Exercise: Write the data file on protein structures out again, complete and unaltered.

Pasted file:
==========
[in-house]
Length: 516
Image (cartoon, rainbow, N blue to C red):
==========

[in-house]
Length: 516
Image (cartoon, rainbow, N blue to C red):